In 2010, we were recording 50,000 downloads per week from Pakistan but now our application store is witnessing 2 million downloads in a week from Pakistan. Earlier, we had only 50 application developers in Pakistan and that figure has gone up to 350 developers who are contributing on Nokia’s store.
Globally, people do feel proud to be associated with certain competitors in the market but in the emerging markets like Pakistan we certainly dominate in the developers as well as consumers community which is quite evident from the numbers and market behavior. We are getting support from cellular operators, brands, students and faculty as well. If you say, world is going faster, you can also say we at Nokia have picked up that pace.
Then why developers prefer to make apps for Android and Apple rather Nokia?
I would argue. Last year, Telenor conducted a competition that was open for all platforms including Nokia, Android, Apple (iOS). The winning criteria was, the application, that will get the maximum downloads will win.
Organizers acknowledged the fact that there were larger number of developers registered for the Nokia platform in the competition.
Eventually we saw a Nokia developer winning the competition and getting the prize.
So, i would say It is just being misunderstood that it’s kind of easy to work on Android rather than Nokia platform. During past few years, we have changed the perception and people are now quite comfortable with the new technologies and tools that we have introduced.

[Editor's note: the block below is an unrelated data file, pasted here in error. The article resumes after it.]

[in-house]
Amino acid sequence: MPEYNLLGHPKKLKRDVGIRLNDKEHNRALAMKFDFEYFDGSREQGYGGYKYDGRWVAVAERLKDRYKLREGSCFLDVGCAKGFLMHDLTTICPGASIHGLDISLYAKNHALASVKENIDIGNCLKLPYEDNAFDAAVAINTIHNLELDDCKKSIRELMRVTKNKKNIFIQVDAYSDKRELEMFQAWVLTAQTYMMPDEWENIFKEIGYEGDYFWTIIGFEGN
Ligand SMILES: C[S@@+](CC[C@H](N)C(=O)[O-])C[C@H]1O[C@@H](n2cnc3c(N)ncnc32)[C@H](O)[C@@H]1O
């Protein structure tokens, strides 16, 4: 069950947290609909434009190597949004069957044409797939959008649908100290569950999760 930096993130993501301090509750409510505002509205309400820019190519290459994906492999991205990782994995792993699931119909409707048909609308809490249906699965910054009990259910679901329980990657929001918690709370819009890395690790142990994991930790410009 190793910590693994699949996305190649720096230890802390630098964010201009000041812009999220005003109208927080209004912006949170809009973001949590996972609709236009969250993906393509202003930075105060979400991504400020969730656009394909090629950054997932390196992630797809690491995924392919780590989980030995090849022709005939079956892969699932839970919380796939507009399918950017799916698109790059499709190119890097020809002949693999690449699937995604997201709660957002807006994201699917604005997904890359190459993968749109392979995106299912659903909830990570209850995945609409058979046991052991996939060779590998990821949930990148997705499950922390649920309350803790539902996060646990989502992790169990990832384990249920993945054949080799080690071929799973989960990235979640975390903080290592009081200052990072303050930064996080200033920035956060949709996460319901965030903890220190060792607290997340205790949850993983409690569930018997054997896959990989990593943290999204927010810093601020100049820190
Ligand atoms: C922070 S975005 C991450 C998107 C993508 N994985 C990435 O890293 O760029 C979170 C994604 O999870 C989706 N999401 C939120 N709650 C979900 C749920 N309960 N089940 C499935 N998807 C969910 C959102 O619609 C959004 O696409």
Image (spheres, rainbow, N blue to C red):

How Nokia application developer is going to earn and how you plan to fight piracy?
As far as the economic aspect is concerned, only Nokia app store has its presence in Pakistan. As per latest statistics, 99% of content in Pakistan is downloaded freely and only 1% downloaded content is paid. Being the market leader we don’t see that number going up because of so many reasons, such as, the access of credit card and those who have are reluctant to use on internet.
To cater that, we are working hard to give the revenue part to our developers. We are bringing a mechanism through operator integration and we will be the first one in Pakistan, Inshallah to come up with such an idea.
It will be a prepaid card based infrastructure where buyer will be able to pay through his/her mobile balance and same will be transferred to the application developer through cellular operator. There will be no need to involve the credit card. This would be the easiest way to buy content online.